There was a time when Tomb Raider stood as one of the most recognisable game series in the world, but decades later the original entries are largely unknown to those that didn’t grow up with them. That’s where Tomb Raider 1-3 Remastered comes into play, a collection of brand-new versions of the first three titles with enhanced lighting, improved detail, high-res textures and better performance. Remastered feels both fresh and retro at the same time – and I’ve been playing it over the last week to determine how it stacks up against the original games in terms of visuals, controls and more.
Back in 2016, I created an episode of DF Retro covering the original Tomb Raider where I compared the PlayStation, Saturn and PC versions while showcasing some of the underlying technology in action, such as Sega Saturn’s unique sprite-driven 3D rendering. Since that video, the Tomb Raider scene has continued to thrive with the release of the open-source Tomb Raider engine OpenLara, not only showcasing impressive new visual feature features but also enabling the community to go wild with porting. There now exists, for instance, versions of Tomb Raider that can run on classic consoles like the Sega 32x, 3DO and Game Boy Advance.
The rebooted series itself has also gone on a hiatus of sorts, disappearing following the release of Shadow of the Tomb Raider as we await a new installment. In the here and now though, we have this brand-new re-release of the first three games thanks to Aspyr and, save for a few minor issues here and there, my experience has been excellent.
The pitch is simple – this release seeks to deliver the first three Tomb Raider games with a range of optional enhancements. You can enjoy them with enhanced graphics or stick with the original assets. You can also play with the original “tank” controls or opt for a more modern full analogue system. The big selling point here really is the visual enhancements and, frankly, I think they’ve done a fantastic job. In order to retain the original Tomb Raider game design, the environments stick to the original geometry and layouts, but everything surrounding it has been updated.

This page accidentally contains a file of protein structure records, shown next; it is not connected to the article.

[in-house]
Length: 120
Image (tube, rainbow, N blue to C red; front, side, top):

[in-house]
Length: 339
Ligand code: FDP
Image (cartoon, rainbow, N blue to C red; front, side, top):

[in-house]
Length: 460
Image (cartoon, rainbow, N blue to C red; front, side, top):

The first thing you might notice are the brand-new high-resolution textures. They’ve managed to retain the look and feel of the original textures while adding detail that did not previously exist. You can instantly toggle between the enhanced and original graphics if you want to compare the two yourself at any point.
I like what they’ve done here – the textures strive to resemble the originals while layering in a tremendous amount of detail along the way. The remastered textures really channel the original aesthetic and colour of the original game in a way that looks really nice. It almost resembles a lost early 2000s game or something akin to installing the S3TC texture pack for Unreal Tournament, thanks to that combination of ultra-fine detail textures on simplistic surfaces.
Aspyr has also made changes to things like animated textures – the water, for instance, has been replaced with a new surface texture that I think generally looks pretty OK. It’s not on par with the rippling water and caustics available in OpenLara, unfortunately, but it perhaps gels better with the game’s visual style.